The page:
TIFF Organizational Highlights
TIFF continued to evolve as an organization to serve our Members well and to fortify our culture and stability.  We added a number of new talented individuals to our staff and Board.  We also focused on re-energizing a series of internal initiatives that we believe position TIFF for the future, and which include:

  • We continued to add to our investment team, including hiring Zhe Shen (hedge fund senior investor, formerly of The Portland House Group), Julia Zhan (ESG and long-only equities, formerly of Marsoft), and Aanya Parikh (private equity, promoted from TIFF summer intern). These individuals deepen our investment team and allow for more customization of managers and exposures.
  • We added a series of client-facing team members, including hiring Matt Hoehn (formerly Senior Director in Blackrock’s E&F OCIO group), Ellen Lieberman (formerly Managing Director at Clearbrook Global Advisors), Jerrol Charles (formerly Vice President of Institutional Investment Solutions at Truist), and Samantha Gross (formerly Senior Associate in Goldman Sachs OCIO group). Similar to the 2020 hiring of Jessica Portis, these new client-facing team members bring a wealth of experience and knowledge in working closely with Members on strategic asset allocation and customized portfolio construction.
  • We added Bola Olusanya to our Board. Bola has deep investment experience and is the CIO of The Nature Conservancy.  We look forward to our Members benefiting from his expertise in investing and environmental matters.
  • We bid farewell to Pam Peedin after four exceptional years of stewardship as a TIFF director. Pam has decided to return to full-time work in the industry and thus chose to step down from our Board.
  • We developed a series of internal processes which are critical to TIFF’s future and supportive of our team’s ongoing development, such as the refinement of our intern program, our diversity initiatives, the development of staff affinity groups, and the introduction of “state-of-the-art” personnel review and incentive schemes. We also celebrated our 30th year anniversary and welcomed back numerous former Board Members to thank them for their role in shaping TIFF’s mission and organization over the last 30 years.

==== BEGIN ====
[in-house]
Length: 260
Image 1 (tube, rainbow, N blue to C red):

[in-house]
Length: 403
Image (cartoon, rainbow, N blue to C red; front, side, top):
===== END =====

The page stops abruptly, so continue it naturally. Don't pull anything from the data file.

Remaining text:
• We helped advance diversity in our industry in numerous ways, including through our internal policies, as well as our sharing of diversity checklists for 3rd party managers with the industry.
  • We returned to the office in October. Like you, we continue to attempt to balance the safety of our team with our desire to inculcate a strong esprit de corps. It is a challenge these days, but we are pleased to have gathered the team over the past few months.
  • We simplified our Mission Statement to better capture the motivations for our organization. Please see the end of this document for our revised Mission Statement

Our Focus in 2022
We are excited about the possibilities in 2022.  We believe that we strengthened an already strong team in 2021.  We expect the team, to accomplish much in 2022, including:

  • Continuing strong investment outperformance. We hope to continue to design portfolios with capable underlying managers, to beat benchmarks. We will continue to use our Board as a resource in this effort, even as we expand our own team.
  • Systematize a number of processes around customization for our Members. Those processes include research, thought leadership, and investment frameworks.
  • Exercise a louder voice on important matters to our Members and society at large, including the environment, diversity, and other public policy issues, such as education and fiscal responsibility.